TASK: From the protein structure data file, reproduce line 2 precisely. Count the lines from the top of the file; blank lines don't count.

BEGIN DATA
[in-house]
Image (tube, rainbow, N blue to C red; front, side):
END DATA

Image (tube, rainbow, N blue to C red; front, side):